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3 Reasons Industrial & Manufacturing Companies Are Slow to Adopt Inbound Marketing

Posted by Roman Bodnarchuk on Fri, Sep 30, 2016 @ 17:09 PM

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More and more companies are realizing that they can get better ROI from inbound marketing than traditional outbound strategies. In an age when most buyers prefer to do their own research before engaging your sales team, providing informative content is key. Content marketing is especially important in technical industries, where sales cycles are longer and engineers are often making purchase decisions. Yet many high tech companies still rely on an outbound marketing approach.

According to HubSpot’s State of Inbound 2016 Report, 59% of industrial and manufacturing companies say they primarily conduct inbound marketing, while 39% favor outbound marketing. While these numbers do indicate a progressive shift, their adoption rate is behind that of other industries.

 

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Why the resistance to change? Based on our work with high tech companies, we see three common barriers:

1. Skepticism of marketing

Historically, outside marketing agencies have not served technical companies well due to the depth of technical knowledge required.

A lack of metrics has also caused distrust of marketing. Engineers like data, and they often view marketing as ‘squishy’ and non-measurable. However, the expanse of marketing automation and reporting tools now available has made it easier to determine which marketing activities are resulting in increased revenue. Make sure your teams agree on key performance indicators and goals for success up front, and track regularly.

The shift to inbound may require a cross-functional team of sales, marketing, and engineering—something that doesn’t occur naturally in most tech companies. Creating a content roadmap ormarketing roadmap together, holding a positioning workshop, or planning a product launch are all activities that can align this team and close the gap.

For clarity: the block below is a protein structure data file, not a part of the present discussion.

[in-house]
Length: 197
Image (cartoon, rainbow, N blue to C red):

2. Difficulty generating content

Content creation in high tech industries is somewhat of a catch-22. Ideally, engineers should be free to focus on what they do best while marketing takes care of content; but due to the technical complexity of products or technologies, engineers are often the best source of content.

The key to successful technical content development is to involve the right people at the right time. Rich content such as white papers and application notes will likely require a first draft (plus final review) from the engineer. For more sales-oriented pieces such as tip sheets and blog posts, the marketer can interview the engineer for the necessary technical information and later request a quick review for accuracy, saving both parties time.

3. Assumed visibility

In highly targeted industries, many business leaders feel that their company is already well-known. They have the mindset that “if buyers need us, they’ll call” and settle for simply taking orders rather than selling. Technology changes fast, and in emerging applications and markets, you may be an unknown. Even your current customers may not have a full understanding of what your company offers.

Even your decision makers are changing; 57% of the market will retire in the next 2 years, and the new buyer researches and makes decisions differently.

If you’re not marketing—not managing your own your reputation—then others (such as your competitors) will do it for you.

A well-thought-out value proposition, communicated in effective messaging through a variety of inbound marketing channels, will help you attract prospective buyers. When you take responsibility for driving the conversation about your company, you can achieve greater visibility and more easily build customer relationships

 

Download It's Not the Market, It's Your Marketing

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